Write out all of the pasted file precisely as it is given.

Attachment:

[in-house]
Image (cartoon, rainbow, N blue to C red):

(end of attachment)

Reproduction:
[in-house]
Image (cartoon, rainbow, N blue to C red):